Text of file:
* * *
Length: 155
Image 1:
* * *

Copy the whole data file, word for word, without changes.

Length: 155
Image 1: